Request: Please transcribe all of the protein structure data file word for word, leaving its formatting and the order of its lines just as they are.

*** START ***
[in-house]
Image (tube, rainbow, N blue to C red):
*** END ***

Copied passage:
[in-house]
Image (tube, rainbow, N blue to C red):